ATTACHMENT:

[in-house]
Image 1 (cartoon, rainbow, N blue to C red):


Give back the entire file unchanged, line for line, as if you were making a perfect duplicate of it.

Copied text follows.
[in-house]
Image 1 (cartoon, rainbow, N blue to C red):